• 79 Metascore
    • 80 Critic Score
    With a great pay model — you give money to play chapters as they release to help fund further development, but each is eventually free — and no lack of dread-inducing darkness, The Last Door is worthy of the unflinching, lidless eye of horror and adventure fans. Be warned, though: you’ll be waiting a while for the answers Devitt seeks.
    • 83 Metascore
    • 70 Critic Score
    There’s a great game in Transistor, and a deceptive and strange world, and a touching character relationship between Red and the sword, even if it only makes sense once you’ve seen the ending cinematic. But Transistor won’t give you those things up front; you’ll have to earn them. That means putting up with a story that seems meaningless and a battle system that starts out feeling limited to the point of being potentially annoying.
    • 79 Metascore
    • 80 Critic Score
    As far as shooters are concerned, Wolfenstein: The New Order beautifully taps some of the best elements and mechanics the genre has seen over the last generation. It also delivers on an expansive what-if world vision that can be pretty intriguing, and opens doors with its characters — specifically a franchise protagonist who’s never been too deep — that add some nuance to the exploration of that world.
    • 81 Metascore
    • 90 Critic Score
    What The Walking Dead is about is people, and in Episode 3, the game continues to deliver those well-written and interesting characters with whom Clementine interacts and relates. As the episodes before it, Episode 3 delivers on a series of moments in which players must balance relationships and survival, freedom and security, and as always, there are never any easy answers.
    • 73 Metascore
    • 80 Critic Score
    If horror is meant to plumb your fears and unnerve you, The Whistleblower at least manages that to do so a few times. For the rest, it’s a fun return to the stock release’s setting and mechanics for some solid jump scares and atmosphere, which lasts just long enough to remind of what made the original enthralling.
    • 51 Metascore
    • 75 Critic Score
    If horror games are to be judged by their scares, then Daylight gives players their money’s worth. The game never failed to hit me with numerous jump-inducing moments, and smartly keeps the tension ratcheted through its mazes, only to let it out slowly in between — but just barely. Though short, the procedural generation adds replay value to the overall package, as does the Twitch functionality that makes streaming a bit more than just an experience in watching someone else scream like an idiot.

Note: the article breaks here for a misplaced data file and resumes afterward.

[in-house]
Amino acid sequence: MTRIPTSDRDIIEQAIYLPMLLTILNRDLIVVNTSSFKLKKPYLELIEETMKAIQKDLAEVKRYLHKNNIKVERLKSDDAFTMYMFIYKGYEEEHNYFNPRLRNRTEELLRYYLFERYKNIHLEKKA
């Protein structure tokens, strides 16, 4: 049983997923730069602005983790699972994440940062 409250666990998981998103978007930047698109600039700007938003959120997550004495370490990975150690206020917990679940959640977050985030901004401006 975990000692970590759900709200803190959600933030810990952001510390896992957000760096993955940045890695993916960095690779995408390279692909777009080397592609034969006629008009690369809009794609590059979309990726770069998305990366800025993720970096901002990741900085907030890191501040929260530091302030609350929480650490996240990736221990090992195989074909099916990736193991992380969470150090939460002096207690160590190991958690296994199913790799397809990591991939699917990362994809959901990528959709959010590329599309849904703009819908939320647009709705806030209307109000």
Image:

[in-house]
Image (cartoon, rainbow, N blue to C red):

• 77 Metascore
    • 70 Critic Score
    It’s expansive and fun, delivering plenty of game for the money, but it fails to bring much more to the table than its impressive style.
    • 45 Metascore
    • 40 Critic Score
    There’s just no reason to play Deus Ex: The Fall, even for big-time Deus Ex and Deus Ex: Human Revolution fans. You can get the same experience out of reading a Wiki entry online. Better yet, if you must play the game, grab it on a mobile device, where it will actually work.
    • 91 Metascore
    • 95 Critic Score
    One of the deepest, most challenging, and most rewarding experiences you’ll ever have in this modern era of video games.
    • 87 Metascore
    • 80 Critic Score
    Reaper of Souls doesn’t veer too far from the road Diablo 3 has laid down. While the changes that came in patch 2.0.1 are great for the game, the expansion really feels like more of the same than any significant step forward. That said, if you liked Diablo 3, you’re going to like Reaper of Souls. And hey, isn’t that how an expansion is supposed to work?
    • 88 Metascore
    • 90 Critic Score
    Blizzard has put its imprimatur onto another genre, and it looks poised to succeed in CCGs with Hearthstone as it has with MMOs in World of Warcraft.
    • 80 Metascore
    • 78 Critic Score
    If what you’re expecting is a much, much prettier version of Infamous 2, albeit with a frustrating mechanic of switching between your powers, then you’ll likely be happy with what you get in Second Son. If you’re thinking that a leap to a new console generation should mean more than just a leap in graphical fidelity, then I welcome you into my boat.
    • 80 Metascore
    • 75 Critic Score
    Luftrausers is a very good time and it’s nice that it shakes up the genre of arcade shooters by making creatively escaping death and blasting away at bad guys carry the same weight. But it’s also mostly a momentary distraction, a game you come back to for a few minutes when you’ve got time to kill, and for that, Luftrausers feels like its asking price is a bit too high for what’s on offer.